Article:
Dancing with J.S. Bach and a Cello – Baroque Dance in the Cello Suites

by Anna Wittstruck, Ph.D. candidate in musicology, Stanford University

Baroque Dance in the Cello Suites

There is a rich tradition of finding ways to connect Baroque dance forms and patterns concretely to the Bach cello suites. The most comprehensive study to date is Little and Jenne’s Dance and the Music of J.S. Bach, in which the authors give technical step and pattern-based descriptions of seventeenth and eighteenth century court dances as well as a detailed overview concerning the dissemination of French dance and culture throughout Germany during Bach’s lifetime. Little and Jenne synthesize the history of Baroque dance steps and rhythmic patterns with comprehensive analysis of Bach’s dance-form movements, including the cello suites. Their use of the Greek terms arsis (lifting) and thesis (setting) in conjunction with specific musical events provides an embodied reading of each piece. Likewise, their general observance that the plié (bending of the knees) serves as a preparatory gesture while most downbeats are felt – not as heavy and grounded – but as lifts (the moment when the dancer either raises his/her ankles from the ground with an élevé or leaps up into the air) inflects our sense of the meter’s shifting weight.1

This dance based analysis, then, has far reaching implications for the ways in which modern performers may approach the music, particularly with regards to metric feel. Indeed the majority of the literature on Baroque dance is designed as a manual for performance. From the work of Little and Jenne, but also Betty Bang Mather’s Dance Rhythms of the French Baroque: A Handbook for Performance, and Rifat Quershi’s D.M.A. thesis, “The Influence of Baroque Dance in the Performance of Johann Sebastian Bach’s ‘Six Suites a Violoncello Senza Basso” (which takes up the work of Little and Jenne and applies it more directly to the cello suites), we see that Baroque dance may inform an array of performance decisions, such as articulation, tempo, phrasing, and even bowings. No manuscript of these suites survives in Bach’s hand, and the slurs, articulations, and even notes and harmonies are wildly inconsistent between the surviving copies. The copy penned by Bach’s second wife, Anna Magdalena, has historically been the authorial copy, but its mistakes are elucidated by the inconsistencies between it and the few other surviving copies, presumably penned by his students. What is more, there does exist an original manuscript of Bach’s lute transcription of the C minor cello suite, and the many differences between it and Magdalena’s copy for cello question her accuracy as a copyist.2 Which slurs to abide is a contentious interpretative issue, and the dance patterns, by enforcing which beats should be emphasized within each measure or couple of measures, provide an additional tool to inform performers.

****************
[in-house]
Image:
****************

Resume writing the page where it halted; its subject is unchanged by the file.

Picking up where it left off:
That said, this body of literature also suggests that the relationship between music, musical affect, and dance origins will vary considerable depending on dance type and each individual movement. The examples given by Little and Jenne confirm what Eric McKee argues in his essay, “Influences of the Early Eighteenth-Century Social Minuet on the Minuets From J. S. Bach’s French Suites, BWV 812-17”: the most stylized dance movements in Bach take their form from the oldest and most outdated social dances.3 The more new-fangled the dance, the more Bach adheres to the dance’s particular step patterns and rhythms, while the movements based on older, démodé dances are more stylized, contemplative, and removed from their terpsichorean origins. For Little and Jenne, it is not even worth discussing the Allemande movements in relation to dance, because “[…] by Bach’s time [the Allemande] no longer reflected a particular dance form,” and also the authors did not find any remaining choreographic manuals from that time period.4 Conversely, the most contemporary dance used by Bach in the cello suites is the galant minuet (found in BWV 1007 and 1008), in which one may discern a regular alteration of arsic and thetic measures and corresponding harmonic rhythm (see Minuet I from the ‘Cello Suite in D minor, BWV 1008). The rhythmic structure of the danced minuet has the most bearing on the way one feels the phrasing of the minuet in a Baroque suite. From his choreographic research, McKee finds that all danced minuets, based on the step pattern and the pattern created across the ballroom, create a two-bar hypermetre, and that additionally Bach, after 1720, switched to a Classical phrase structure which developed from this hypermetre. The two-bar hypermetre is consistent in the two sets of minuets found in the cello suites, and the knowledge of that dance-inspired, rhythm and phrasing would inform how we hear, perform, and feel the music.